The British Empire

Baden-Powell was a soldier who came to specialise in scouting and reconnaissance and subsequently founded the Scout movement. He was born in 1857 in London and went to Tonbridge School and Charterhouse. He joined the army in 1876, serving in the 13th Hussars, initially in India and Afghanistan and later in the early 1880s in Zululand. He was on the army staff in west Africa during campaigns against the Ashante. In 1890 he was appointed as Military Secretary to the Commander-in-Chief Malta where he also worked for the Director of Military Intelligence.

Baden-Powell served in the Second Matable War in 1896 where he was involved in the relief of the beleagued forces in Bulawayo. He led many intelligence gathering missions Ito the Matopos Hills, developing ideas on scouting that he would use later. After a brief spell serving in the Fourth Ashante War on the Gold Coast he returned to England to command the 5th Dragoon Guards (1897-99) during which time he wrote his manual on scouting ‘Aids to Scouting’. Soon after the outbreak of the Second Boer War in 1899 he was sent to South Africa and sent to Mafeking to raise two regiments to help defend the railway town. He took charge of the forces defending Mafeking during the 31 week siege. The relief of Mafeking was celebrated throughout the country. He helped to set up the South African Constabulary before returning to England in 1903.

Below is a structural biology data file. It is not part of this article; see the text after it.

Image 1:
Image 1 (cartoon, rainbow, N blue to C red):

He was promoted from colonel to Major-General and later he became Inspector-General of Cavalry commanding the first Territorial division in North East England.

Baden-Powell was knighted in 1909,  retiring from the army in 1910 to concentrate on developing the Scouting movement which he had founded just a few years before. He had effectively begun the Scouting movement following a camp he had wet up for boys on Brownsea Island in 1907. He wanted to encourage individual responsibility, an outdoor life, fitness and the routine of living in a camp which he believed would help establish firm discipline. The Girl Guides was established by his sister Agnes in 1910 but when he married Olave St Clair, his wife took over the organization of the Girl Guides.